Sir John Bourn, head of the National Audit Office, told Parliament today that the Home Office will get what it wants at a good price from the PFI deal to provide serviced headquarters accommodation for 3450 Home Office and Prison Service staff, but risks remain.
The Home Office is due to move into the new building on the site of the old Department of the Environment building at Marsham Street in Westminster in 2005 when it will begin paying a monthly charge for the building and associated services amounting, at contract signature, to £311 million (net present cost) over the 26 year life of the project.
The deal will replace inadequate existing accommodation with a more modern, flexible working environment that is expected to deliver business benefits. However, there has been a significant increase in Home Office and Prison Service headquarters staff numbers in central London from a total of 3200 in 1998, to 4900 in 2003. Current projections for 2005 are subject to review but if numbers remain constant, there will not be enough space for all staff. Options are currently being considered and a decision is expected by no later than mid-2004.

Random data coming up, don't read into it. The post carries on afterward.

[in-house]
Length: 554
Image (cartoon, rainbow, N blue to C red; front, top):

The Home Office got a good price for the deal. It ran a good competition, it has appropriately allocated risks and a good price for the financing was obtained. The innovative financing structure means that the Home Office’s annual payment is reduced.
The deal has been co-ordinated with other departments’ accommodation requirements. The Department for Constitutional Affairs was identified as a suitable occupier for the Home Office’s surplus leaseholds and has committed to taking over the lease of 50 Queen Anne’s Gate thus saving the Home Office the otherwise considerable cost of its disposal.
The Home Office has retained the risk of disposing of its freehold properties once they are declared surplus. It has advised the Office of Government Commerce that the freeholds may be available for use by other government departments if required, if not it will sell the property to the private sector. In a market that is currently declining, the Home Office must manage this risk carefully in order to secure value for money for the taxpayer.